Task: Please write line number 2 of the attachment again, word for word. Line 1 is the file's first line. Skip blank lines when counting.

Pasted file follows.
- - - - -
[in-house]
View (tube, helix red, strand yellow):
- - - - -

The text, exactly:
View (tube, helix red, strand yellow):